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in prison. >> he intends to fight the charges. >> reporter: rhodes, a yale law school graduate and arm vent was taken and custody, accuse of seditious conspiracy, of a premeditated plot of use of force to block joe biden's election as president. accord to the fbi, rhodes allegedly planning to disrupt the transfer of power soon after the november 2020 election. this is what he said just days after the election. >> because we have men already stationed outside d.c. as a nuclear option in case they attempt to remove the president illegally. we'll step in and stop it. >> reporter: that planning allegedly included reconnaissance of the nation's capital, buying firearms, ammunition, gun scopes and other tactical gear. he allegedly bought ten of thousands of dollars of weapons in the days before january 6th, and plans were allegedly made for teams of heavily armed quick
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reaction forces to stand by right outside the nation's capitol. prosecutor say these images show them staging weapons in a d.c. hotel. communications allegedly between rhodes and his followers. on december 11, 2020, rhodes sent a message in a private group chat stating that if president biden were to assume the presidency, quote, it would be a bloody and desperate fight. we're going to have a fight. that can't be avoided. and on christmas day, rhodes allegedly wrote of congress -- it will be torches and pitch forks time if they don't do the right thing. an attorney who said his client never went inside the capitol says the government's case is built on lies. >> they went into the capitol to provide security for a demonstration that turned into chaos. >> pierre, we know this was an initial appearance, that he did not enter a plea. what's coming next here? >> reporter: rhodes will stay?
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custody until a january 20 detention hearing where prosecutors are likely to argue he's a threat and should not be released, david. >> pierre thomas live in washington. thank you. we're going to turn to the race to save lives and how harrowing it was in boulder, colorado. the newly released video from colorado's marshall fire. sheriff's deputies rushing into neighborhoods, going door to door telling families they needed to get out, the fire was here. more than a thousand homes and businesses destroyed. will carr takes you inside the effort to save lives there. >> go towards denver! a ba evacuate now! >> reporter: tonight, new heart-pounding body camera videos showing the dramatic and dangerous escape from that deadly colorado wildfire. >> move now, leave your stuff, go. everybody head east. leave your stuff now. >> reporter: racing into this costco, telling shoppers to leave immediately. >> evacuate now. leave whatever you're doing,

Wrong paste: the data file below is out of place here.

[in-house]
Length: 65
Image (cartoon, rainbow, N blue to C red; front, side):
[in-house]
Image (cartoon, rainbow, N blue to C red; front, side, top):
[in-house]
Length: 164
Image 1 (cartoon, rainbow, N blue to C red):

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>> reporter: rescuers driving through thick smoke as flames devoured entire neighborhoods. >> sheriff's office! >> reporter: going door to door urging families to get out. >> ma'am, you have to evacuate. >> yeah we are, we're packed, we're leaving right now! >> reporter: these officers racing to help horses get to safety. with smoke blanketing the sky, this officer rescuing a pair of dogs found running in the street. the december fire destroying businesses near boulder, killing at least one person. a second person still missing. tonight, the cause of that fire is still under investigation, and authorities tell us at this point they don't have any reason to believe it was started on purpose. it comes as more than a thousand residents are still displaced. david? >> we think about those families of course again tonight. will carr, thank you. overseas, north korea releasing new images of their latest ballistic missile test overnight, claiming they fired two missiles from a train just hours after they accused to u.s. of escalating the situation with sanctions. the state department tonight condemning the launch.
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in australia tonight, tennis star novak djokovic facing deportation for a second time. his visa has been revoked again. his lawyers tonight repealing a government decision to revoke his visa again in this ongoing battle over his vaccination status. the australian open starts monday. djokovic, the top men's player in the world for tennis, deportation could mean a three-year ban from coming back from australia. when we come back here tonight, the remarkable images on the train tracks. thieves raiding cargo trains. also news tonight on alec baldwin. what he's done in that case after a deadly accident on a movie set.
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i thought we was eatin' beans at 3:30. right. switch to geico for more ways to save. tell you what. what about tuesday? tonight here, quite the scene on the train tracks in los angeles. the union pacific rails littered with thousand of shredded boxes and deeb. authorities say thieves there have been raiding cargo containers for month now before crews have a chance to unload them. police tonight increasing patrols in the area. tonight authorities say alec baldwin turned over his cell phone in the investigation into the deadly shooting on the movie set in santa fe. he has turned over his phone after being issue a search warrant a month ago. baldwin holding the gun while it fire a live round, killing halyna hutchins. baldwin insisting he's cooperating with the investigation. when we come back here on a busy friday night, the surprising request from fedex to the faa.